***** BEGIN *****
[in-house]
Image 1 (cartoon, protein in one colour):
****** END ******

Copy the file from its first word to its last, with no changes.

[in-house]
Image 1 (cartoon, protein in one colour):